Food poisoning

We've all driven the porcelain bus at some time. How can you avoid food poisoning?
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  • Updated:1 Jun 2005



You've most likley experienced it at some time - the nausea, vomiting and diarrhoea that are part-and-parcel of a bout of food poisoning. It's becoming more common - it's likely several million Australians get sick every year.

  • There are three golden kitchen rules to avoiding food poisoning. Keeping food at the right temperature; avoiding contaminating ready-to-eat foods with other foods; and the good ol' "when in doubt, toss it out". More
  • One in five lots of food poisoning is from food cooked at home. Some of the things you should do to keep your kitchen safe are no-brainers, but some, like taking the hard decision to leave the beer out of the party fridge might surprise you.
  • And if you're wondering if the prehistoric contents of your fridge or cupboard are safe to eat - Jamie and Nigella always seem to have something they can toss into a pan and come up with dinner - will mouldy cheddar and wilted carrots be the end of you? So can you eat it? More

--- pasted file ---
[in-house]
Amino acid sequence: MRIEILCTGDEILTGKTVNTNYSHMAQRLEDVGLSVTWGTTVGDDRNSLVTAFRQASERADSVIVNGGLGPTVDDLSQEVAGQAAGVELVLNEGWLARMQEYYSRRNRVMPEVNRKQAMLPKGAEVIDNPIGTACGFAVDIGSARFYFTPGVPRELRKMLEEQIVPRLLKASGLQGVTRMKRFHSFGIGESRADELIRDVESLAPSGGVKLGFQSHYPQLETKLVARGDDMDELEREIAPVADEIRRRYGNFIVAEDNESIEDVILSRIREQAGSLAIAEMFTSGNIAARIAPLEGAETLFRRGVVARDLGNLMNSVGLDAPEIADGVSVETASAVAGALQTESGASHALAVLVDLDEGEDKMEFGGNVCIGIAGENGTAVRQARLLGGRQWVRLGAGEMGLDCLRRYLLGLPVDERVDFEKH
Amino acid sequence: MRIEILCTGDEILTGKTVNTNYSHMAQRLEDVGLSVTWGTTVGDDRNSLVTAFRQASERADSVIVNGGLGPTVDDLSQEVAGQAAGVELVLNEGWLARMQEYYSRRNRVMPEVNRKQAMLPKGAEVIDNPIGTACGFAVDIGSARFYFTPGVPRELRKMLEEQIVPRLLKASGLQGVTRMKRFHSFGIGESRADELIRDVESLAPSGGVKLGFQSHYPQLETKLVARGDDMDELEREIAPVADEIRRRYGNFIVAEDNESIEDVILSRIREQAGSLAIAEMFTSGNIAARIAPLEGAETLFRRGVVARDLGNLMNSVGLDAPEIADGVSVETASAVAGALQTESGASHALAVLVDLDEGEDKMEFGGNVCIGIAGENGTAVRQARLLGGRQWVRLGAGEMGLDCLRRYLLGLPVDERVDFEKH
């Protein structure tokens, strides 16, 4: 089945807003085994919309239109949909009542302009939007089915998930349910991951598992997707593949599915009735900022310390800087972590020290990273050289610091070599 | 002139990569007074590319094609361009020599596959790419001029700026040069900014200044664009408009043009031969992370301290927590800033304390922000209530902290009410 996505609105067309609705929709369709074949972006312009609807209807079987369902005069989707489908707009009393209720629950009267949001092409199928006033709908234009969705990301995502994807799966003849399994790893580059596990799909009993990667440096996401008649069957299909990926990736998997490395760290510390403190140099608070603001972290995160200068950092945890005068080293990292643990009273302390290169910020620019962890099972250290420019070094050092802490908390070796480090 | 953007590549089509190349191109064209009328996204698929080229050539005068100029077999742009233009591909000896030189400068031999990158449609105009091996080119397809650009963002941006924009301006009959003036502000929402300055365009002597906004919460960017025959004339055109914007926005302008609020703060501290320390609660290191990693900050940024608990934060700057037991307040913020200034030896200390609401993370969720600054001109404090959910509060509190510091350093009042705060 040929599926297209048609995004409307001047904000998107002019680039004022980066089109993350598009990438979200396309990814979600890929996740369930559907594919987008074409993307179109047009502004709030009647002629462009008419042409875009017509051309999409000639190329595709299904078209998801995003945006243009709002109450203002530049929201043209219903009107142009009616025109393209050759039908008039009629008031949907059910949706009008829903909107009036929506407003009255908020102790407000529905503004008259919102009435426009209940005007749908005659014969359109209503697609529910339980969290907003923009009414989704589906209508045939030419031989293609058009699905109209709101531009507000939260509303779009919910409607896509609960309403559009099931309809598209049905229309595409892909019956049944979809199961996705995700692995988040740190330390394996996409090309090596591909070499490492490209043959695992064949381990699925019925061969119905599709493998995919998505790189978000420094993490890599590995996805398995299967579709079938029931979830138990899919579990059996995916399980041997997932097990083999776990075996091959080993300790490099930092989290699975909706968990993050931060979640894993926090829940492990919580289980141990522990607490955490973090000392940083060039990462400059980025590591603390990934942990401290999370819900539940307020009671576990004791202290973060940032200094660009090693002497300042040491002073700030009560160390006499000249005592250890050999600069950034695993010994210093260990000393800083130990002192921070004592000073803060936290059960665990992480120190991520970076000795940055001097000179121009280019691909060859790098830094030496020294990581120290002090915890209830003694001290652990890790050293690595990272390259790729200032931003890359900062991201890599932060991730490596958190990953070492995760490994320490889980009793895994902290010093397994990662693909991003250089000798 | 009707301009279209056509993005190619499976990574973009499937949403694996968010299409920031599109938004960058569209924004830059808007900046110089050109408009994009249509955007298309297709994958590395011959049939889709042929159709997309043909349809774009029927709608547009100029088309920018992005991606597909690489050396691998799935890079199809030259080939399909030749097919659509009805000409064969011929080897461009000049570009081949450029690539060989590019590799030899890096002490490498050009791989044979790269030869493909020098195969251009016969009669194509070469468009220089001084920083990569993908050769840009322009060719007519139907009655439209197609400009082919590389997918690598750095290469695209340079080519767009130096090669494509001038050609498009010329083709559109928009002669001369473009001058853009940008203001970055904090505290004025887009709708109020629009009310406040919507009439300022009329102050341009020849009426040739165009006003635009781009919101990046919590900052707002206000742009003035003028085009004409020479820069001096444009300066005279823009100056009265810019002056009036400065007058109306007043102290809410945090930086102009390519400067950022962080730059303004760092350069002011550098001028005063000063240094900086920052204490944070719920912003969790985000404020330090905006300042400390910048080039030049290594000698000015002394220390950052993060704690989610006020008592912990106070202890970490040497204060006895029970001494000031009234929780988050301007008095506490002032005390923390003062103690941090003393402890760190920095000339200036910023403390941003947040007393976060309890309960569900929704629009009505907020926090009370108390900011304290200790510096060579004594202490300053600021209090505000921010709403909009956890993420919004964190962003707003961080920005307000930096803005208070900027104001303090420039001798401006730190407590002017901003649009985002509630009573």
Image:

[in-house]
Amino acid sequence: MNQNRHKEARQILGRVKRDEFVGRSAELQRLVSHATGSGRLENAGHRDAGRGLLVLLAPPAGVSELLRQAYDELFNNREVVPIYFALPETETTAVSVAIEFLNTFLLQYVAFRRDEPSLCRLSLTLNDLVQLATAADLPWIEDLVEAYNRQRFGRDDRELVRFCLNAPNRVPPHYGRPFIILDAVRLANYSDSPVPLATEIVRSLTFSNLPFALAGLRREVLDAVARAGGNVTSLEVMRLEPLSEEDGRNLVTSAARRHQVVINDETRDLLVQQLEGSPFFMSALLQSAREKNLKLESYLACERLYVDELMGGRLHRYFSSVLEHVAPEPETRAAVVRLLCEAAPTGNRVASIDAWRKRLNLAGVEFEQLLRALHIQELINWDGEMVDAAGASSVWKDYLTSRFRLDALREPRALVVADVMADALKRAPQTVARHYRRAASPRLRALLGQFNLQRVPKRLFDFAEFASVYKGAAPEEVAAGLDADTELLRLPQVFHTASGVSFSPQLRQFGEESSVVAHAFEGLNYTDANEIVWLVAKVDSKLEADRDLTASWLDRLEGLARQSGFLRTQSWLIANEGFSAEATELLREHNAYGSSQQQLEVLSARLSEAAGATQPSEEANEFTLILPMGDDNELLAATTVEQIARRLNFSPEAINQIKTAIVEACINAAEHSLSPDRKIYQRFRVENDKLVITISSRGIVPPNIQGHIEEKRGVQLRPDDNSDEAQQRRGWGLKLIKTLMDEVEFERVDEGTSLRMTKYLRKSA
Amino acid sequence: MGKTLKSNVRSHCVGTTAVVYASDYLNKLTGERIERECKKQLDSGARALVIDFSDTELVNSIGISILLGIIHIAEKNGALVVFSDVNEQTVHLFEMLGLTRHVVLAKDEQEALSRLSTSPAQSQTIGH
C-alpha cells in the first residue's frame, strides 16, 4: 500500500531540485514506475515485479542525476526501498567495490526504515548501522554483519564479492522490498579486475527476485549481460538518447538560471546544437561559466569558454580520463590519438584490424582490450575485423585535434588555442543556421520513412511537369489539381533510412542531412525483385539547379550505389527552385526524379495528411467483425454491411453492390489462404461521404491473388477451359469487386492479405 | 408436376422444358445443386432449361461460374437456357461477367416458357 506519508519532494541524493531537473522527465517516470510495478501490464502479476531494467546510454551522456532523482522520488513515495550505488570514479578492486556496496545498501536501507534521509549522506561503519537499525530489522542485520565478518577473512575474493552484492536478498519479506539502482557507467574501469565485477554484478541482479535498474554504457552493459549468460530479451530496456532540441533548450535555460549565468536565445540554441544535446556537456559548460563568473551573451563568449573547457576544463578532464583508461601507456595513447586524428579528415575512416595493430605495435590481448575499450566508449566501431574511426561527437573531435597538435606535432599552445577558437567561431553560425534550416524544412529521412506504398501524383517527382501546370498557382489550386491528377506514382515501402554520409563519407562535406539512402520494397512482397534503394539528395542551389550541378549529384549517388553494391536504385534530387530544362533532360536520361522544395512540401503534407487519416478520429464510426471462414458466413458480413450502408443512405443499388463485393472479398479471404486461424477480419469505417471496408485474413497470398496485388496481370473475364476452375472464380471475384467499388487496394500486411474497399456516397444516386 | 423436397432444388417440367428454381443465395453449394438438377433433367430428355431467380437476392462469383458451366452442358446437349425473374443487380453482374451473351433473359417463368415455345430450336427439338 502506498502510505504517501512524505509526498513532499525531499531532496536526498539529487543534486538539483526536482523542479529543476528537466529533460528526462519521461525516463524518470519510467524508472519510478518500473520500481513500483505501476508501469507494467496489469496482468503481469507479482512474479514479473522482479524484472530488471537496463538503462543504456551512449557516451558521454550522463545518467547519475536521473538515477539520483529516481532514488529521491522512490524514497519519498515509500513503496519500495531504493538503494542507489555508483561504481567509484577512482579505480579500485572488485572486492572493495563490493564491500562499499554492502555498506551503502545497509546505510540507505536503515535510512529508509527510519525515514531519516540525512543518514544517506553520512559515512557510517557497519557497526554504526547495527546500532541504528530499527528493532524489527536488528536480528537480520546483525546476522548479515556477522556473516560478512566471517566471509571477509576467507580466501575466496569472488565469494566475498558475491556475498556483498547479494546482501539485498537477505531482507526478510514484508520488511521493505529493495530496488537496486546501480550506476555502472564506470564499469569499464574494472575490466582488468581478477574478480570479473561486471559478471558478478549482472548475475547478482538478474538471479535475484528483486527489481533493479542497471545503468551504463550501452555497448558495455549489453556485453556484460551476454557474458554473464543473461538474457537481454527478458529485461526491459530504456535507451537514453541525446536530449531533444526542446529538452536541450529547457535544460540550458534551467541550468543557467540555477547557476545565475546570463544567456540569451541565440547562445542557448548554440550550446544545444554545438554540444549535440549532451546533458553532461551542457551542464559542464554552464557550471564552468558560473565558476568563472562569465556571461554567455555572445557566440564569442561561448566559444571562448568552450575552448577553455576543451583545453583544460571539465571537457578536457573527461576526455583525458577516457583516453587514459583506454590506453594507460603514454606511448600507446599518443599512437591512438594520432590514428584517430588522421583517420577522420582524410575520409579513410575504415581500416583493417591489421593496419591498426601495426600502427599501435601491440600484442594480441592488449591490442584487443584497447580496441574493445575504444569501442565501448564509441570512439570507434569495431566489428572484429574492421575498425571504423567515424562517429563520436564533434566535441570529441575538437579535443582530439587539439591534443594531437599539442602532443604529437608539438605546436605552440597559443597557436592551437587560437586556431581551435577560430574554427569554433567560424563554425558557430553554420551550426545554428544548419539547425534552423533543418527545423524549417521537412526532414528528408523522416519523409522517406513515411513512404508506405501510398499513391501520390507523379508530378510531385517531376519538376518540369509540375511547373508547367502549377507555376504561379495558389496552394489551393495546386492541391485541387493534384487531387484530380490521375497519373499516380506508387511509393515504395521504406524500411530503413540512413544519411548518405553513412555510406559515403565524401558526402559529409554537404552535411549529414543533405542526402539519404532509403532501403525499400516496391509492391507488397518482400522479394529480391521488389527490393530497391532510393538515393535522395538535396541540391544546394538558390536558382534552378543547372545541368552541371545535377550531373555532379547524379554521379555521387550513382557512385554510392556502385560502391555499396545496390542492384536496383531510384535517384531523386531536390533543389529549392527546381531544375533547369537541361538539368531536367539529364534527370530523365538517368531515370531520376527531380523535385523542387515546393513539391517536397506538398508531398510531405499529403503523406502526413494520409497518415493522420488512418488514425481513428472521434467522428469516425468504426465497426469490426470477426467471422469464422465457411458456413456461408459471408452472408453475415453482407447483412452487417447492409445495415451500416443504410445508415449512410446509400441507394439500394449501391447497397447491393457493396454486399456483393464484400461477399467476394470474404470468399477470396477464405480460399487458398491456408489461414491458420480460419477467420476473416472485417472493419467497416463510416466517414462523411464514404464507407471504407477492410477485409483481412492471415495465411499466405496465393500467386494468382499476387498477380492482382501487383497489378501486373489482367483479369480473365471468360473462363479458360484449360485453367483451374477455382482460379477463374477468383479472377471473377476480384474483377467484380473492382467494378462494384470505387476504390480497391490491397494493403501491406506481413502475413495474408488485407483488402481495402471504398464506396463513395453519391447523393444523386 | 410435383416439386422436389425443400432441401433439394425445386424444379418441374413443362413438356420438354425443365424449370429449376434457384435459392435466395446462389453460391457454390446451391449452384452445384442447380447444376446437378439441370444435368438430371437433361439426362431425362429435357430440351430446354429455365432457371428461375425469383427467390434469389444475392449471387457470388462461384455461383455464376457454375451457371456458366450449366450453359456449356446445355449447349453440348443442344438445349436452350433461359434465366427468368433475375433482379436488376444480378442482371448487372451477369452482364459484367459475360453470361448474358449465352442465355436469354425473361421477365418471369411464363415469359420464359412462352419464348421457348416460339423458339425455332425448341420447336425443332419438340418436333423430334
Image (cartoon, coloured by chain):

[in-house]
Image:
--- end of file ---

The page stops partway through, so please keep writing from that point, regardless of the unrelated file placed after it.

• Your supermarket also has the potential for dodgy-dom, so when you next visit, check out whether the manager needs some free advice. More
  • If you've ventured away from you favourite local cafe, how can you know whether the mezze plate is likely to be your last? Spot a dodgy cafe, and not necessarily by whether the staff wear gloves. More
  • Do you eyes glaze-over at names like Escherichia coli O157 H7 or Bacillus cereus? Food poisoning bugs 101 has your best guide to bluffing it with the boffins. More
  • What do use-by dates mean? It's illegal to sell foods after the use-by date, but not so with best-before dates. More
  • Please note: this information was current as of June 2005 but is still a useful guide today.



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